by Leonard Nathan (1924 – 2007)
Night, and a candle guttering on the table.
Three low stools. Father spoons
his mush, growling just a little now.
Mother intently watches her men.
Am I the only one who hears the cry? –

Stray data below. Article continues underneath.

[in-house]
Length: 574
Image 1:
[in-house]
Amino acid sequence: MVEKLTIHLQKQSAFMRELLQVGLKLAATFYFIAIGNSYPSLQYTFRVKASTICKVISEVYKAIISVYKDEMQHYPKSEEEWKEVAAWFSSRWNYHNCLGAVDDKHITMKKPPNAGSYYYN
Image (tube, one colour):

a scared girl stumbling on and on
through the dark and dripping woods, hungry, cold.
But yellow hair, so not our kind.
Speech beyond us still, we growl softly,
nuzzle, and – our claws retracted – stroke.
Father scrapes the bowl. Mother, rising,
sighs me far away and lost.